City looks to change neighborhood plan process
Thursday, March 24, 2016 by Elizabeth Pagano
The Planning Commission has unanimously endorsed a new approach to the development of neighborhood plans that could shrink the process to six months, down from two to three years.
Mark Walters, who is with the city’s Planning and Zoning Department, explained to the commission on Tuesday that the new approach is intended to address Zucker Report-recommended changes to how the city looks at future planning areas and updates current plans. Dubbed “PlanIt Austin,” the new process is intended to shorten planning times and increase participation, with an eye toward evening out the currently spotty protections offered by neighborhood plans.
“Something that came up, when we were talking about this, is the inherent inequity of the current planning process that we have,” said Walters. “We have a city of haves and have-nots. We have the (neighborhoods) that have a neighborhood plan, that are on the neighborhood planning map, but disregard 75 percent of the rest of the city, as well as about 99 percent of the extra-territorial jurisdiction.”
In an effort to fix that disparity and follow up on recommendations in the Zucker Report, city staff is now looking at a six-month planning process that is shorter and more intensive in order “to complete plans in a timely fashion and avoid burnout.” The new process, Walters said, will take a “largely quantitative approach” toward selecting areas, in two phases.
Walters explained that participation in the current planning process starts off high but quickly drops off sharply. The new strategy, he said, is to catch people “before they fall off that precipice” by “using a short, very engaging planning process” and giving people the opportunity to get involved both online and through traditional meetings.
Previously, the neighborhood planning process took one to three years, and it has taken from 1998 until now to create neighborhood plans for about 25 percent of the city.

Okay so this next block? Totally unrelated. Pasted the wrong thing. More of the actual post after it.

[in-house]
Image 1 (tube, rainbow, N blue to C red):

“I think there needs to be another approach,” said Walters. “I think this is an approach to address localized concerns (and) to address areas that may need planning services.”
Chair Stephen Oliver said that, on the Planning Commission, they often battle people’s expectations of the planning process, given the “time spent to create something that was etched in stone in some people’s eyes.”
“We have the opportunity here to create something that is more nimble, more flexible, short and intense. And if it needs to change, it may be easier to change because of that, to reflect whatever the demands may be 10 years from now,” said Oliver.
Phase one will identify the general areas under consideration and then establish “heat maps” to find spots based on development potential, demographics, areas of concern (focusing on things like accidents and areas of low opportunity) and the physical area of a place. Those layers are then combined to get the map that will be used to evaluate areas.
However, warned Walters, a few complications remain. He explained that the geographic information system modeling used to establish the heat maps still needs additional weighting because the model “is very complicated.” He further explained that some processes, like determining whether new plans should go to the Planning Commission or the Zoning and Platting Commission, still needed refinement as well.
Phase two will home in on the identified areas and analyze them, define boundaries and look at things like road networks, land-use distributions, City Council priorities and what the presentation called “professional judgment and experience.”
Commissioner Nuria Zaragoza suggested some topics to include in the heat maps and added that it might also be important to focus on how many units had been demolished, loss of minority populations, decreases in the number of families with children, health equity hot spots and flooding.
Commissioner Trinity White added that inclusion of historic structures in the modeling could be useful, and Oliver noted that a more general data point looking at the age of structures could be helpful in terms of evaluating aging housing stock as well.
“I’m really excited about this process,” said White, “and I’m really excited about us using this type of technology to really let the areas tell us where they need to be planned, versus a top-down approach.”
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